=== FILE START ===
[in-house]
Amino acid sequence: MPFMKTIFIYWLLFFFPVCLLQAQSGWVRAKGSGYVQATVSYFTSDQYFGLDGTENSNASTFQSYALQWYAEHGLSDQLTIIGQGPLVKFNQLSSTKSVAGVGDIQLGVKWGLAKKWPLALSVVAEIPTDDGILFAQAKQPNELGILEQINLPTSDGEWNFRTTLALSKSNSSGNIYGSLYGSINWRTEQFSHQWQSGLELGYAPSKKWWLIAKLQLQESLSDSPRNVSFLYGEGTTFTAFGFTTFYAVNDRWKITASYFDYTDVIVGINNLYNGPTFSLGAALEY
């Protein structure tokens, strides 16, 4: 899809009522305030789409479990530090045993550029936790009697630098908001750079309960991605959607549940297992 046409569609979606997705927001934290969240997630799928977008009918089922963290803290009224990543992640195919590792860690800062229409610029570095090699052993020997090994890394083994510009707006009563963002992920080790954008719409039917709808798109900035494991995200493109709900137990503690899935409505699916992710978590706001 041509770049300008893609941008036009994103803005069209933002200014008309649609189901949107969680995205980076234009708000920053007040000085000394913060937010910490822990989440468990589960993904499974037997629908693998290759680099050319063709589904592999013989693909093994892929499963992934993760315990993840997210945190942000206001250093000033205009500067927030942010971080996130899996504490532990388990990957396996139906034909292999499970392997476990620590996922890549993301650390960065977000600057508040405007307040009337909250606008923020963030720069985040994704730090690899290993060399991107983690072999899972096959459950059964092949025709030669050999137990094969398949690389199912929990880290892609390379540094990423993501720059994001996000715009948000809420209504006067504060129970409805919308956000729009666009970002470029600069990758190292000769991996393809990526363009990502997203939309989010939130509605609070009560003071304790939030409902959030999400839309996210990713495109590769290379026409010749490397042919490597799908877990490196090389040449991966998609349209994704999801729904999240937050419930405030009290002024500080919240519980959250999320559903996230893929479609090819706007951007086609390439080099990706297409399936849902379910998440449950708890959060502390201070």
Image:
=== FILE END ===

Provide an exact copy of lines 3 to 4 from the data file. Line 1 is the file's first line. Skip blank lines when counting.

């Protein structure tokens, strides 16, 4: 899809009522305030789409479990530090045993550029936790009697630098908001750079309960991605959607549940297992 046409569609979606997705927001934290969240997630799928977008009918089922963290803290009224990543992640195919590792860690800062229409610029570095090699052993020997090994890394083994510009707006009563963002992920080790954008719409039917709808798109900035494991995200493109709900137990503690899935409505699916992710978590706001 041509770049300008893609941008036009994103803005069209933002200014008309649609189901949107969680995205980076234009708000920053007040000085000394913060937010910490822990989440468990589960993904499974037997629908693998290759680099050319063709589904592999013989693909093994892929499963992934993760315990993840997210945190942000206001250093000033205009500067927030942010971080996130899996504490532990388990990957396996139906034909292999499970392997476990620590996922890549993301650390960065977000600057508040405007307040009337909250606008923020963030720069985040994704730090690899290993060399991107983690072999899972096959459950059964092949025709030669050999137990094969398949690389199912929990880290892609390379540094990423993501720059994001996000715009948000809420209504006067504060129970409805919308956000729009666009970002470029600069990758190292000769991996393809990526363009990502997203939309989010939130509605609070009560003071304790939030409902959030999400839309996210990713495109590769290379026409010749490397042919490597799908877990490196090389040449991966998609349209994704999801729904999240937050419930405030009290002024500080919240519980959250999320559903996230893929479609090819706007951007086609390439080099990706297409399936849902379910998440449950708890959060502390201070």
Image: